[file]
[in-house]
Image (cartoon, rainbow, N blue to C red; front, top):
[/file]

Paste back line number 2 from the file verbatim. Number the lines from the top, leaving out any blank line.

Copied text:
Image (cartoon, rainbow, N blue to C red; front, top):